Infrastructure Linux News for Aug 20, 2001
ConsultingTimes.com: Peace, Love, and Linux (Ransom Love Answers His Critics) (Aug 20, 2001, 20:42)
In this interview, Caldera's Ransom Love seeks to clarify his
positions regarding the GPL and its relationship to business, and
the remarks attributed to him regarding Richard Stallman: "So some
of it is, again, a misperception of what we are all about -- a lot
of misquotes and a lot of people trying to sensationalize what is
in reality, I think, the only viable business model going forward.
That is, give back to the GPL and the underlying layers and assure
that's freely available. You don't have to do all your work and
give it away free. Then you develop layers above that which are
licensed differently -- that do not necessarily require everything
should be given away free."
IBM: Wladawsky-Berger on Linux and open standards (Aug 20, 2001, 16:57)
Irving Wladawsky-Berger, vice president of technology strategy,
IBM Server Group, addressed the IBM Technical Developer Conference
in San Francisco on Linux and open standards: "It is not some kind
of New Age business model left over from the "dot.com" bubble that
we fell prey to. We believe very, very strongly that open standards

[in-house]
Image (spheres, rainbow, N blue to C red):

and open-source software are absolutely critical foundations for
the IT business going into the future. And as a result, they are a
very critical foundation for IBM."
AllLinuxDevices: Lineo Receives $20 Million Investment (Aug 20, 2001, 16:22)
Lineo today announced the closing of a strategic investment
round of $20 million, bringing the overall investment total in
Lineo to $57 million.
LinuxDevices.com: Embedded Linux tops developers' 2002 wishlist (Aug 20, 2001, 15:00)
"Embedded Linux is currently the third most popular embedded
operating system -- behind Wind River's VxWorks and Microsoft's
MS-DOS -- and may leap-frog into the #1 position as soon as next
LinuxPlanet: Editor's Note: Heroes of the Revolution (Aug 20, 2001, 12:30)
A quietly deleted request to run a petition for hardware support
didn't cause any lost sleep: it was profane, demanding, and
threatening. Months later, though, an unassuming Linux enthusiast
stepped up and showed the Linux community at its best, and provided
a reminder of who the real heroes of the Linux revolution are.